South Korea and Me

As Discussed in my previous blogpost autoethnography is described as a phenomena that seeks to systematically analyses personal experience to understand cultural experience (Ellis, C., Adams, T.E., and Bochner, A.P. 2011). This is a documented personal experience and interaction that makes us consider political, social and cultural meanings; but then it is how we enact and make sense of it. This subject, being ‘Digital Asia’ enables me to explore autoethnography within this field of study and how I access, make sense and reflect on the content of Asia. Even the way we access the information is important, and through globalization, being the space and time compression, makes our ability to access ‘Asia’ simpler than ever before which can be done through a simple click of the internet. As to directly quote Chris Moore, we’re connected to the internet through serves, computers and technology, but ultimately through;

– “Huge Mother F**king Cables”

Globalisation contains local knowledge from finance, culture, health, terrorism, surveillance, energy, climate, public sphere and links these localities on a global scale. We are getting the intensification of worldwide social relations that Asia has to offer, and we are obtaining this information through various mediums.

Watching all the films throughout the semester, I realised that I had never even seen an Asian Television drama. I thought it would be interesting to watch a season of a television drama. My initial thought was how am I going to access this content? Then I remembered ‘Netflix’ has a whole international section that I had yet to explore as I was too focused on typical Hollywood/ Westernised programs and films. Through globalisation and the growing interconnectedness of the world, I am now able to access this content legally and securely. I have noticed that to access some Asians shows, especially Anime, it is either very expensive or illegal. I saw that there was quite a number of Korean television dramas, especially the ‘Young Adult’ genre which is something I am familiar with from a Western Point of view. In future, I will need to narrow this down to one television show, to give a more focused study. But to get a contextual understanding of South Korean young adult television culture, I wanted to explore more than one show. I watched the first episode of ‘Boys over flowers’, ‘Hello, My Twenties!’ and ‘Miss Panda & Mr. Hedgehog’. From viewing the first episode of these shows, I made come comparisons to the Westernised young adult shows I am used to.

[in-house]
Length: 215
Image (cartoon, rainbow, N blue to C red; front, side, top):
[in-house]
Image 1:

(Sourced from: )

I’ll give a rundown of ‘Boys over flowers’. Firstly, this starts off with an amazingly corny intro song which I noticed, all three of the programs did. This is a Cinderella based story with a private school setting. There are the generic high school dramas of the popular kids, in this case being the rich kids and bulling. The sound effects and video editing during this is quite dramatic and almost humorous. There is also a scene where someone is about to commit suicide and a young woman has the ability to sprint over and catch his hanging body in a matter of milliseconds which really amazes me (This is just a drama/ comedy, so no human could make this physically possible?)


(Image sourced from: )

Hello, My Twenties!’ is a more adult based drama, which looks in the life of people in their 20’s, including relationships, college and meeting new people. Eun- jae shows what being a shy person in a new situation is like and how she deals with her new housemates. Due to the nature of this program I found it most relatable and for this reason; will be the focus of later blog posts and independent project.


(Image sourced from: )

The last show, ‘Miss Panda & Mr. Hedgehog’ is about a baker who hires a new pastry chef, Ko Seunf Ji. The way the name is said In Korean, sounds like the word ‘hedgehog’, which also matches his personality. This is also a drama comedy and a part in this I found interesting is that when Ko was counting, he did it in English.

After watching these three shows I got the gist of what the audience of South Korea likes and it is in fact not that different to shows I like. There’s school dramas, romance, work problems, a new environment which we would watch the protagonist enter and find a sense of rateableness too. This showed me was how universal high school and that we all once just teenagers. All of the shows have a sense of relatability. Viewing this makes me reflect on my personal experience, and growing up in my culture of Suburban Australia

From an autoethnographic perspective, this will be challenging, I have to focus when watching the show and analyse it as it is only subtitled. It is from the contextual understanding of life in Korea which I am unfamiliar with. I will provide detailed content on my emotions feelings and perspective towards the show. So how am I going to tackle my autoethnographic research? I’m considering either a visual essay or blog posts as I feel as though I need to embed videos and provide content that isn’t only written.


Ellis, C., Adams, T.E., and Bochner, A.P. 2011 ‘Autoethnography: An Overview‘, Forum: Qualitative Social Research, 12:1, viewed 10th August 2017,

Said, D 2017, ‘Am I an Ethnographer’ WordPress, weblog post, 10 August, viewed 24 August 2017


  1. Hey Dana,
    This post is super clear about what you’re going to further discuss in later posts and the process you’re currently undertaking for the project. I would suggest revisiting Chris’ advice earlier in the semester about creating an us vs. them narrative with too many Western vs. Asian comparatives. If you can more strategically navigate describing your experience in a way that doesn’t focus on perpetuating differences and generalisations your piece will come across more sophisticated and mature.
    Can’t wait to read about your reactions and thoughts soon. Good luck!


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